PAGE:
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November 1st: Torsten Jacobi, CEO of Creative Weblogging, joins host Anita Campbell. Sponsored by Six Disciplines. Show details.
Friday, July 08, 2005
When and Why Most SMBs Will Do Business in China
A McKinsey Quarterly article suggests that small and midsize manufacturing companies in Europe and North America are passing up opportunities in China:
"For many small and midsize enterprises in Europe and North America, the prospect of doing business in China can be daunting. In fact, as a result of their reluctance, such companies seem increasingly vulnerable on several fronts: they are not only forfeiting opportunities to sell goods and services in China and to source low-cost products in its factories and workshops but also face new Chinese competition at home.

But rather than wait passively for the day when these competitors show up on their doorstep, they can pursue strategies that could help them overcome the barriers to entering China's domestic and export markets. To be sure, those barriers are considerable. Many small and midsize companies are hardly eager to deploy scarce management resources to identify qualified Chinese vendors or to research and understand the tastes of the country's consumers. Nor do they have the time and resources to recruit staff and manage operations there."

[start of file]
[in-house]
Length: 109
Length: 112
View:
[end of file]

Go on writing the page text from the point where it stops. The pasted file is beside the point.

So what is the right way for SMBs to go about capturing the China opportunity? The article notes that some businesses attempt partnerships with local Chinese companies, but these rarely work out. Rather, the author suggests that small businesses band together and/or pool resources, possibly through trade associations, to take advantage of opportunities to reach China as a market and/or to source manufacturing there.

I found this an interesting article, but the part about pursuing market opportunities (i.e., finding customers) in China strikes me as unrealistic. Precious few small businesses would be in a position to chase customers in China, even by pooling resources. Most small businesses have a tough enough time increasing their footprint in their own local markets. To attempt to go after markets half way around the world, with deep cultural and language differences, is a challenge most small businesses simply cannot overcome.

Sourcing of manufacturing, however, is a different matter. Small manufacturing companies in the West today are faced with compelling circumstances that make it imperative they have competitive cost structures. These days, competitive cost structures are hard to achieve with high-paid Western labor. Outsourcing of manufacturing in China can make sense.

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